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House of Reps Investigates N81.2 Billion Spent by National Great Green Wall Agency on Tree Planting

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ABUJA, Nigeria — The House of Representatives has opened an investigation into the National Agency for Great Green Wall, NAGGW, over its alleged spending of N81.2 billion on planting 21 million trees across 11 frontline states.

These states include Kebbi, Sokoto, Zamfara, Katsina, Kano, Jigawa, Bauchi, Gombe, Adamawa, Yobe, and Borno.

The investigative hearing on the “Utilisation of ecological funds released to NAGGW from 2015 till date” was led by Isma’ila Dabo.

Lawmakers on Wednesday, August 30, 2023, expressed displeasure at the conflicting financial reports submitted by the Central Bank of Nigeria, CBN, Office of the Accountant General of the Federation, oAGF, and the agency itself.

During the hearing, it was revealed that N697.372 million, N500 million, and N480.657 million were spent on renovating office accommodation.

An additional N11.28 billion was expended on capital projects and constituency projects.

The committee questioned the rationale behind these expenditures, particularly considering the agency’s ecological mandate.

Lawmakers also criticized the agency for not conducting any audits since its inception and for warehousing billions of naira in its accounts for several years without returning such funds to the government, violating existing financial regulations.

The agency is also under scrutiny for a past financial scandal.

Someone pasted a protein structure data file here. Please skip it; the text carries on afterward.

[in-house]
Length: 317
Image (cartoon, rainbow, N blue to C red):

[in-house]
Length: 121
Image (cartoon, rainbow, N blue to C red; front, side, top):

In 2015, N1 billion belonging to NAGGW was fraudulently laundered by Federal Ministry of Environment officials but was later recovered by the Independent Corrupt Practices and other Related Offences, ICPC, Commission.

The lawmakers expressed concern over the massive amount spent on capacity building and other subheads that don’t align with the agency’s mandate, calling these expenditures “alien” to the objectives of NAGGW.

This investigation comes as part of a broader push for transparency and accountability in using public funds.

Critics of the agency argue that such spending practices erode public trust and undermine the efficiency of initiatives to tackle environmental challenges.

As the House of Representatives continues its probe, questions remain on the actual impact of the agency’s activities relative to the enormous financial resources at its disposal.

The inquiry is expected to shed more light on the financial governance of NAGGW and could potentially lead to reforms or legal actions against individuals found culpable of mismanagement or corruption.

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